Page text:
Robert Palermo

Robert P.

Acupuncturist "Dipl Ac, LAc"

Robert Palermo first participated in acupuncture treatment for smoking cessation. He was so impressed with the results that he began studying Traditional Chinese Medicine and is now an expert in Japanese-style acupuncture and moxibustion with a flourishing practice in Denver, Colo.

Robert says that, at first, his clients often wonder why he doesn’t spend a lot of time discussing their various symptoms. He explains that from the viewpoint of Oriental medicine, the body became ill because it lost its homeostasis or its immunity and became vulnerable to disease. “Therefore, my primary emphasis is to treat what acupuncture theory refers to as the “root,” meaning the cause in the body that brought about the initial immune weakness,” Robert says. “I will also provide some treatment focusing on the “branch” or the symptom. Treating the symptoms alone will eliminate them, but will leave the body open to other pathogenic influences, which will invariably begin to arise.”

Using the example of the Canadian thistle, Robert illustrates his practice philosophy. He maintains that though the main branch of the plant may be visible, it’s impossible to see the many shoots underground. “If we pull one weed, we still have all the others to contend with,” he says. “However, if we strengthen the soil and build a full, healthy garden, the plants will crowd out the weeds. The same is true of our bodies. Although the symptoms of the disease may be gone, a weak immune system or a body that is out of balance allows other problems to arise.”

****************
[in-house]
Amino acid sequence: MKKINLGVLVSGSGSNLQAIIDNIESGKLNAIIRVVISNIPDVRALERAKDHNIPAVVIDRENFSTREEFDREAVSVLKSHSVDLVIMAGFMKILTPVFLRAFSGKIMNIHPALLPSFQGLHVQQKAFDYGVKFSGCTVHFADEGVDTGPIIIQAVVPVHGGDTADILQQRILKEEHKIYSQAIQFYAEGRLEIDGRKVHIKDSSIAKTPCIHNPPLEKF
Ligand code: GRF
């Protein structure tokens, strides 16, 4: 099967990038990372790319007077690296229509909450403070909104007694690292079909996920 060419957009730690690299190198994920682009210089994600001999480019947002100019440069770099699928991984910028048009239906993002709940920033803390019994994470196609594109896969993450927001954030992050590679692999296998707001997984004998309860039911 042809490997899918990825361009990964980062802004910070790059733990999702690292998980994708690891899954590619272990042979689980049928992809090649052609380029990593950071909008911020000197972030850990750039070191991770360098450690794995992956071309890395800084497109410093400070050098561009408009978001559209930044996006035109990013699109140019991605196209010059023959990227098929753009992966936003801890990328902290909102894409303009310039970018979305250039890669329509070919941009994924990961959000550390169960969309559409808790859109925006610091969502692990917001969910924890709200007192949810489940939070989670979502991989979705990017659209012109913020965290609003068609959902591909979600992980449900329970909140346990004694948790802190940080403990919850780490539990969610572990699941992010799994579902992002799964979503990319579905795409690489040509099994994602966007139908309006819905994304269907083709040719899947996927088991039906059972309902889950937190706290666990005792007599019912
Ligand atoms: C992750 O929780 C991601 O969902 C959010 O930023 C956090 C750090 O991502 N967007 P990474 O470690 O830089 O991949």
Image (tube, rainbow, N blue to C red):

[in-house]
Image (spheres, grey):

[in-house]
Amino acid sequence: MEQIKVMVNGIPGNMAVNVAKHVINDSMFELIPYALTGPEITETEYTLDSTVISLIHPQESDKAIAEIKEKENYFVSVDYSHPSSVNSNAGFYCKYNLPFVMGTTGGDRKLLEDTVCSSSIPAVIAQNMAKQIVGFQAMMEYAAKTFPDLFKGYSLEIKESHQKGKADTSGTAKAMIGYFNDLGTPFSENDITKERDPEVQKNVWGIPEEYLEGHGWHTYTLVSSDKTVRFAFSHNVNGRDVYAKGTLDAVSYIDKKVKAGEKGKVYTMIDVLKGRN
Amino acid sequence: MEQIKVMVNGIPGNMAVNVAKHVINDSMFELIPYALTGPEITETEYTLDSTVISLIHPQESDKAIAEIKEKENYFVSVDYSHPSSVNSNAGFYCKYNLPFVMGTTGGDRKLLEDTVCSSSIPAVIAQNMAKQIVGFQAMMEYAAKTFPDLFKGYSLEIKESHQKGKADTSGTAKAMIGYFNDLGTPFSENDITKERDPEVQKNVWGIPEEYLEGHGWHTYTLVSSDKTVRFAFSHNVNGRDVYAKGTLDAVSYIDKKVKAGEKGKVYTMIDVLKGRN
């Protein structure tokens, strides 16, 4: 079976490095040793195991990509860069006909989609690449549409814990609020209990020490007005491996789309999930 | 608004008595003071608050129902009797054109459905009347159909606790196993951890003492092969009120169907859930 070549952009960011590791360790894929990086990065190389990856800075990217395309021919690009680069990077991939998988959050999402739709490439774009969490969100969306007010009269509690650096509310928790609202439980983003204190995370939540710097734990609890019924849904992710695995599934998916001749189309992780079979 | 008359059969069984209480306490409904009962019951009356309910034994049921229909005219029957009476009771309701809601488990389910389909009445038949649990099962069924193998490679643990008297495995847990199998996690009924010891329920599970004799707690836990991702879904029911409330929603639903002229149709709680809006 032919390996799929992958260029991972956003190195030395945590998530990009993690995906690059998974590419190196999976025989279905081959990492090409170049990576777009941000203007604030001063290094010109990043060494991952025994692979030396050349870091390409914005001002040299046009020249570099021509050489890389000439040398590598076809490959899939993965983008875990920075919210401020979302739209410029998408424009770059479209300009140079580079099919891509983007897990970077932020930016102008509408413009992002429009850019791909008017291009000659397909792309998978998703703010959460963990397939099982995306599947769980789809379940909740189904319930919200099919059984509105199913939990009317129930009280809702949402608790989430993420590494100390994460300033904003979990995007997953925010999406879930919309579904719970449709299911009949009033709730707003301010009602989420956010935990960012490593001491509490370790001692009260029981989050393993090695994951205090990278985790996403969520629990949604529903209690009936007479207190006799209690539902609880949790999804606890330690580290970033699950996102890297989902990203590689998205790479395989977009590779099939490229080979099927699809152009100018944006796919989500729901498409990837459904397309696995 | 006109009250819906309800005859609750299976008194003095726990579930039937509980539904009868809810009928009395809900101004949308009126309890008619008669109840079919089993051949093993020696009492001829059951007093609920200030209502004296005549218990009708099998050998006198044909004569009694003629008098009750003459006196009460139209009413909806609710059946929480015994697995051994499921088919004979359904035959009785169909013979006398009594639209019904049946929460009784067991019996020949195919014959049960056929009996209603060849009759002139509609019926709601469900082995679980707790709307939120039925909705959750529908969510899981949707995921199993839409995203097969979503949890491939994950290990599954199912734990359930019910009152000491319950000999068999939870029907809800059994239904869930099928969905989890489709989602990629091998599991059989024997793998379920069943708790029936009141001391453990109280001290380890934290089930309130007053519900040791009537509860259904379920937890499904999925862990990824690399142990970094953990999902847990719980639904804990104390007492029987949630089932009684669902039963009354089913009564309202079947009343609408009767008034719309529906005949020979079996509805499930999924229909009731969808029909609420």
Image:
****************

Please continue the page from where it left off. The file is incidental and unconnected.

In his practice, Robert is committed to helping his clients achieve a balance that will not only cure their symptoms but also discourage them from redeveloping in the future. He encourages his clients to aim for “optimal” health, which he describes as: “Dietary and lifestyle changes along with acupuncture and herbs that will bring about the most rapid, dramatic and successful changes. If these dietary and lifestyle changes are maintained, the body stays in relative balance with little outside assistance.”